So much of the blame for digital media’s woes is being placed on the Google-Facebook duopoly. But media owners and agencies alike would do well to look in the mirror — and get out of their own way. This, anyway, is the point of view of one digital media and advertising veteran who has worked in the industry for 26 years at a range of traditional and digital media owners, and has also spent time in ad tech companies.
“Publishers have shared all their content on Facebook, so they can boast they have the biggest audience — and then the terms all change,” says this executive, who we’ve granted anonymity in exchange for frankness as part of our Confessions series. There is a reason that TV and outdoor are enjoying a resurgence: “And the reason is because there aren’t 8 million middle men between the buyer and seller.”
Here’s more of what this person had to say, lightly edited for clarity:
Where are the biggest frictions in digital media currently?
The industry — and digital is particularly guilty of this — has become less about the work and more about businesses finding new routes via bits of tech to make marginal revenue gains. If you think about the ad stacks businesses have, there is so much emphasis on what bit of tech might lead to 0.0001 percent of a conversion on something they’re not sure is even real, and less about the impact any piece of work is having on the consumer. Something’s been lost.
You’re talking media owners or media agencies?
Both. With this drive to efficiency, which basically means cost cutting, there has become such a dependence on ad technology — some of which is amazing, lots of which isn’t.
Publishers have to make money to survive.
Of course, but they’ve let this happen. They actively share all their content on Facebook. Anyone that’s worked with those major platforms knows that once you’ve become dependent on them, the terms suddenly change. They’re not daft. A huge part of newspaper revenue used to be around advertisers promoting discounts on their products, and they were hugely dependent on newspapers. And so what did newspapers do? They pushed up the prices. Facebook and Google are only doing the same thing. Why is anyone surprised by that?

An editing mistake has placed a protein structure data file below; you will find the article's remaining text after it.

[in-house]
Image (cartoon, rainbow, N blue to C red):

The buy side also likes big numbers.
I used to run an ad network and our two best-performing ad placements were so far below the fold you couldn’t see them. And that made me think, OK, so it’s not genuine. Though statistically, they’re the best-performing placements.
So what was driving that, fraud?
No, it was just the tech. It could have been driven by the retargeting networks we used perhaps. Logic would determine though that the two ad placements at the foot of a website were not a great place to be seen.
So that’s an example of the “big number” not really meaning much?
Yes, I don’t think it’s about the big number. And yet, by far the vast majority of money in the digital landscape is predicated on the big number. But what is it really? There’s a reason the TV market is having a bit of a boom at the moment. And broadcasters like ITV, which everyone thought was dead five years ago, in particular, are thriving. Because it’s a simple process. You can go to ITV with a campaign kit and out it goes. The problem with the digital industry is it can’t get out of its own way. It ghettoizes itself so much.
Is that because digital media still has an inferiority complex with traditional media?
No, it’s a superiority complex. That age-old quote is: If you’re the cleverest person in the room, you’re in the wrong room. Well, in digital media, the majority of people are desperate to be the cleverest person in the room. The whole industry could do with regaining a bit more humility on both a personal and a corporate level.
You mentioned media agencies also over-prioritizing efficiencies?
Agencies have driven efficiency by building up their own programmatic trading desks, which I totally understand. If you can create a world where you don’t need 10 people to do one task but can use tech instead, I totally buy into that. But we have lost our way a bit. The focus is now on media agencies trying to replicate the position some of the media owners are in.
By creating more content, like a publisher would.
We’ve all started talking about editorial stuff as “content,” like it’s this transferable thing. And I’m as guilty of it as anyone. My favorite comedian, Stewart Lee, nailed it recently when he named his new show “Content Creator.” Not all creative programming is created equal. For newspapers and publishers to say it’s the fault of Google and Facebook, well, it’s not. If the Guardian had managed to put the Independent out of business by doing a better job than them, they would think that’s great. It’s just that the world has shifted, and they have to adapt to new competitors. And no one is stopping Facebook despite their best claims.